A good bit of your solo or small firm practice will be devoted to maintaining the books and making sure money is coming in. As times change, the usual practice of taking in about a third of your client's takings is becoming less and less pervasive -- and there's good reason: it costs too much to wait for the outcome of a suit. In the worse case, you might not get paid at all.

It's often preferable to have money coming in consistently. How do you accomplish that? Introducing the menu style of legal practice: flat fee billing.

Flat Fee Confusion: Earned Upon Receipt or Trust Account?

There's a lot of confusion out there (so imagine the level of non-compliance) about the proper way to handle client funds properly, particularly flat fees. Do you place these in an interest-bearing account for the benefit of the client? How do you go about your business in good faith without putting your license and practice at risk?

Unfortunately, the rules are non-universal and can be abstract and ambiguous. Here we'll look at what some sources have to say.

PACER is no one's favorite database. Sure, the Public Access to Court Electronic Records service gives you online access to federal court documents, saving you the hassle of calling a courier or heading down to a courthouse yourself. But the service is not particularly user-friendly, intuitive, or functional. The fact that it nickel-and-dimes you (literally) for every page of public records you view is just icing on the "God, I hate PACER" cake.

And now, a coalition of nonprofits is suing over those fees, arguing that the 10-cents-a-page price tag isn't just excessive, it's illegal.

Everyone's least favorite holiday, tax day, is fast approaching. If your fiscal year matches the calendar year and you (or better yet, your accountant) haven't gotten all your tax filings in order just yet, don't worry. You've still time to get everything together -- and to make sure you're getting all the tax deductions you're entitled to, while avoiding some common law firm tax pitfalls.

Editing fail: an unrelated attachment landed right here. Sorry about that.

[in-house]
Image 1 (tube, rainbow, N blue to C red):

To help you out, here's FindLaw's top tax tips for your small firm or solo practice.

Checkpoint Tackles ACA ALE Requirements for Tax Firms, Clients

As lawyers in the field know, a boutique tax firm has many of the same kinds of issues as their fellow professionals -- in the medical field. That's right, a firm that specializes in criminal law will, they fervently hope, never have to deal with criminal acts in their own house. But much like a doc with high blood pressure, a tax firm is often going to have to take its own advice. The new ACA ALE requirements are great examples.

As tax legal professionals also know, advising your clients on changes brought about by the ACA is crucial. As they might be slightly less aware, ACA changes are also crucial for their own business if they fall within the definition of an "applicable large employer" (ALE) under the Act. For 2016, boutique tax firms with more than 50 full time employees are going to have to advise clients wisely and then take their own medicine. Fortunately, a new special report from Thomson Reuters Checkpoint can help. (Disclaimer, Thomson Reuters is the parent company of FindLaw.)